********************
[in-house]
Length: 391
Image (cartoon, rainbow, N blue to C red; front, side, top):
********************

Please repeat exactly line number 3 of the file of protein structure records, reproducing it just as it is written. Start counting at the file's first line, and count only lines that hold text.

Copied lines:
Image (cartoon, rainbow, N blue to C red; front, side, top):